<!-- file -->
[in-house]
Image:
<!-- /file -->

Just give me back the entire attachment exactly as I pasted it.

[in-house]
Image: